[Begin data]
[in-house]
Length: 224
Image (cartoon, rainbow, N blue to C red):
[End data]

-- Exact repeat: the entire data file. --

[in-house]
Length: 224
Image (cartoon, rainbow, N blue to C red):